“…the founder of the SSPX envisions how his priestly society would be placed in a position to effectively drive forward the restoration of Tradition. It would all begin with canonical recognition ‘as is’. Then, because of that recognition, the SSPX would later be granted an office in Rome. After this would come, at some point, an SSPX church in Rome, chosen from among the many Roman churches not in use. Then, an SSPX Roman seminary, which would attract many vocations from around the world. And since the majority of the bishops of the world are taken from priests trained at Roman seminaries, many of the ordinands of the SSPX Roman seminary would become bishops and would occupy dioceses around the world.
And the restoration of Tradition? At some point, because of the spreading of the influence of Tradition by means of the SSPX Roman presence, the SSPX Roman seminary, the SSPX Roman priests and bishops, Rome would take up once again its own Tradition.”
But one must ask: If there is canonical recognition, but the SSPX and Rome are still at total loggerheads as to their doctrinal principles, how does Fr. Robinson suppose that the SSPX will be granted an office at Rome, or a church at Rome, or a Roman seminary, or episcopal consecrations? Does he really expect that all this can be done, and that only *afterward* “Rome would take up once again its own Tradition”. The cart is before the horse here.

Under Fr. Robinson’s article is a link to that talk given by Archbishop Lefebvre. Father picked quotes from this talk to support his position. In the interest of a broader view, I will do likewise.
“For the return of all Christendom to Tradition will only take place with the help of Rome. We can do all that we can and we surely do all that we can for the return of Tradition. But it is necessary that Rome finish the work by taking up her own Tradition back into her hands. It is not possible otherwise.”

Now this was said in the context of the scenario envisioned above. And given the Archbishop’s principle that ‘superiors form the inferiors’, and my questions as to how a Rome that is doctrinally opposed to Tradition will see any sense in favoring it, the meaning of this last quote should be clear. The said help of Rome will only come *after* she has taken “her own Tradition back into her hands”, and that means Rome converting doctrinally.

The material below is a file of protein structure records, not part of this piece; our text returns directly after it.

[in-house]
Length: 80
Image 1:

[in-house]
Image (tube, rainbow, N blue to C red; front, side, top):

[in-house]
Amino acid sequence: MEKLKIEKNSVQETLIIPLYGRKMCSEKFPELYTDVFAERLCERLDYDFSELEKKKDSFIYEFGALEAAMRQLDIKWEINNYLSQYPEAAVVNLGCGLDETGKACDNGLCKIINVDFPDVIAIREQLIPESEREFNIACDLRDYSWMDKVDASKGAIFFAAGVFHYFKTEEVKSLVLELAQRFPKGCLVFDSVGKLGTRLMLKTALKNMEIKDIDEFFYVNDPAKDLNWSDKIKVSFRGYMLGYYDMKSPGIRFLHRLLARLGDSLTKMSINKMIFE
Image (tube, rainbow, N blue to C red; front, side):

And so I argue for the “doctrinal declaration”, or the No Deal position.

One last thought:
It seems to me that all this abstruse argumentation, while legitimate, is superseded by a simple, sensus communis Catholicus. Birds of a feather flock together. Every society — and the Catholic Church is of course a society — functions well to the extent that all its members are on board with fundamental principles (i.e. doctrine). Dissidents to the party line *will* be pressured to conform, and marginalized to the extent that they don’t. Eventually they will even be cast out. Finally, while dissidents (in this case Trad “dissidents”) can possibly reform the superiors, this only happens by subterfuges, infiltrations and schemings, all things which are not worthy of the sons of light, and which tactics are in themselves revolutionary, and used by revolutionaries. Feigned obedience is not a virtue. That should be left to Liberals and Modernists.

A few last words:
“Look to yourselves, that you lose not the things which you have wrought: but that you may receive a full reward. Whosoever revolteth and continueth not in the doctrine of Christ hath not God. He that continueth in the doctrine, the same hath both the Father and the Son. If any man come to you and bring not this doctrine, receive him not into the house nor say to him: God speed you. For he that saith unto him: God speed you, communicateth with his wicked works.” (2 Jn. 1:8ff)